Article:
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benchmarks? java vs .net

The shootout site has benchmarks comparing different languages. It
includes C# Mono vs Java but not C# .NET vs Java. So I went through
all the benchmark on the site ...

http://kingrazi.blogspot.com/2008/05...enchmarks.html

Just to keep the post on topic for my friends at comp.lang.c++, how do
I play default windows sounds with C++?

Jun 27 '08
358 13276
Jon Harrop wrote:
Jon Skeet [C# MVP] wrote:
Jon Harrop <jo*@ffconsulta ncy.comwrote:
That is Java outperforming C#, not .NET.
No, it's Java outperforming .NET calling a virtual method. It has
nothing to do with the code that the IL is generated in: if you have a
virtual method which isn't overridden, the .NET CLR will not inline
calls to it. The Hotspot VM will inline it until it first sees the
method being overridden. The difference here is in the jitting model,
not in the language.

Try it in F#, ensuring that the method is virtual and actually called
each time (consider that the method might be one which has side-
effects). I can't see how it would possibly have a different result.

This optimization can obviously be done statically by the compiler.
No - this optimization cannot be done statically for runtimes that
support dynamic code loading, as the CLR and JVM do. If the compiler
tries to replace 'callvirt' with 'call', the assembly will no longer be
verifiable, and if the assembly is dynamically loaded into the context
of another application, the virtual call semantics will be violated.

For example:

---8<---
using System;

public class B
{
public virtual void M()
{
Console.WriteLi ne("Hello from B");
}
}

public class App
{
static void Main()
{
CallM(new B());
}

public static void CallM(B instance)
{
instance.M();
}
}
--->8---

Compile this App.cs to App.exe, then disassemble with:

ildasm App.exe /out:App.il

Then edit App.il so that CallM is written thusly, applying the
"optimizati on":

---8<---
.method public hidebysig static void CallM(class B 'instance') cil
managed
{
// Code size 9 (0x9)
.maxstack 8
IL_0000: nop
IL_0001: ldarg.0
IL_0002: call instance void B::M()
// (above was 'callvirt')
IL_0007: nop
IL_0008: ret
} // end of method App::CallM
--->8---

Assemble with:

ilasm App.il

Verify with:

peverify App.exe

Observe error:

---8<---
Microsoft (R) .NET Framework PE Verifier. Version 3.5.21022.8
Copyright (c) Microsoft Corporation. All rights reserved.

[IL]: Error: [c:\proj\cli-callvirt\App.ex e : App::CallM][offset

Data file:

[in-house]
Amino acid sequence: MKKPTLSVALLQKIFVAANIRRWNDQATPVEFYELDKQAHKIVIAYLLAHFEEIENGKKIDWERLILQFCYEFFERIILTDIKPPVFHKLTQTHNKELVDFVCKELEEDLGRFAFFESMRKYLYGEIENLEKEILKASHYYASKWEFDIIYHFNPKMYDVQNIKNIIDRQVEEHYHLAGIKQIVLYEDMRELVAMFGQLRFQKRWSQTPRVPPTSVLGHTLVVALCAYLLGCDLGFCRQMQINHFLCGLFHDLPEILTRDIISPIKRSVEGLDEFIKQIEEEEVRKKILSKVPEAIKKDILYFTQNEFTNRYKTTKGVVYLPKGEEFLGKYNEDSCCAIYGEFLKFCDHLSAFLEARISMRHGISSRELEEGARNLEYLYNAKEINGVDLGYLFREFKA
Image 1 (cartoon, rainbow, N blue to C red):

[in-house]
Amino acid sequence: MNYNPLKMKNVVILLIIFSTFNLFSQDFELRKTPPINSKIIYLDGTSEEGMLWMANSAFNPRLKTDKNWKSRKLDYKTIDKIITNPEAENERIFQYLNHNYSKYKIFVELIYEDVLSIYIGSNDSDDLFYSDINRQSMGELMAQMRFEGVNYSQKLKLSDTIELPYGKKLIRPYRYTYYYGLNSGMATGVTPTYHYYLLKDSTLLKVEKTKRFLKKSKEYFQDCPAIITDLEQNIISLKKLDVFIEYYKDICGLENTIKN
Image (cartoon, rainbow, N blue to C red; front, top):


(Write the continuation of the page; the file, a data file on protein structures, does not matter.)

0x00000002] The 'this' parameter to the call must be the calling
method's 'this' parameter.
1 Error Verifying App.exe
--->8---

For a concrete example of virtual method call semantic violation,
consider a second application, App2.cs:

---8<---
using System;

public class D : B
{
public override void M()
{
Console.WriteLi ne("Hello from D!");
}
}

class App2
{
static void Main()
{
App.CallM(new D());
}
}
--->8---

Compile this with:

csc App2.cs /r:App.exe

Run App2.exe when App.exe is the version assembled from App.il modified
to use call instead of callvirt, and observe:

---8<---
Hello from B
--->8---

Recompile the original App.cs from source, then run App2, and observe:

---8<---
Hello from D!
--->8---

- the "obvious optimization" has broken virtual method call semantics.

Implementing the "optimizati on" for strictly private classes is not
useful either, as reflection with appropriate permissions, along with
runtime code generation, can see through such visibility constraints.

-- Barry

--
http://barrkel.blogspot.com/
Jun 27 '08 #201
On Thu, 05 Jun 2008 10:59:58 +0100, Jon Harrop <jo*@ffconsulta ncy.com>
wrote:
>Again, the fast .NET code (and compilation instructions) are already on the
shootout site. There is nothing for me to do (except tell you the same
thing over and over).
F# was much slower than C# and slowest of all...

$ time binarytreesf 20 (F#)
stretch tree of depth 21 check: -1
2097152 trees of depth 4 check: -2097152
524288 trees of depth 6 check: -524288
131072 trees of depth 8 check: -131072
32768 trees of depth 10 check: -32768
8192 trees of depth 12 check: -8192
2048 trees of depth 14 check: -2048
512 trees of depth 16 check: -512
128 trees of depth 18 check: -128
32 trees of depth 20 check: -32
long lived tree of depth 20 check: -1

real 1m16.180s
user 0m0.000s
sys 0m0.046s

$ time binarytrees 20 (C#)
stretch tree of depth 21 check: -1
2097152 trees of depth 4 check: -2097152
524288 trees of depth 6 check: -524288
131072 trees of depth 8 check: -131072
32768 trees of depth 10 check: -32768
8192 trees of depth 12 check: -8192
2048 trees of depth 14 check: -2048
512 trees of depth 16 check: -512
128 trees of depth 18 check: -128
32 trees of depth 20 check: -32
long lived tree of depth 20 check: -1

real 0m54.618s
user 0m0.000s
sys 0m0.031s

$ time java -server -Xms64m binarytrees 20 (Java)
stretch tree of depth 21 check: -1
2097152 trees of depth 4 check: -2097152
524288 trees of depth 6 check: -524288
131072 trees of depth 8 check: -131072
32768 trees of depth 10 check: -32768
8192 trees of depth 12 check: -8192
2048 trees of depth 14 check: -2048
512 trees of depth 16 check: -512
128 trees of depth 18 check: -128
32 trees of depth 20 check: -32
long lived tree of depth 20 check: -1

real 0m36.328s
user 0m0.031s
sys 0m0.046s

Jun 27 '08 #202
Razii wrote:
On Thu, 05 Jun 2008 10:54:33 +0100, Jon Harrop <jo*@ffconsulta ncy.com>
wrote:
>>And Mersenne Twister, where F# is also 2x faster than Java.

It's empty claim since we have no chance to look at the code. The link
you gave was broken.
The link is fine:

http://www.math.sci.hiroshima-u.ac.j...JAVA/java.html
I wonder why Harpo doesn't post the link? Perhaps he knows the claim
will be debunked if we have a chance to optimize?
Try to optimize this one, for example:

http://www.math.sci.hiroshima-u.ac.j.../MTRandom.java

F# is 2x faster than this Java (and shorter, and more composable, and ...).

--
Dr Jon D Harrop, Flying Frog Consultancy
http://www.ffconsultancy.com/products/?u
Jun 27 '08 #203
Barry Kelly wrote:
Jon Harrop wrote: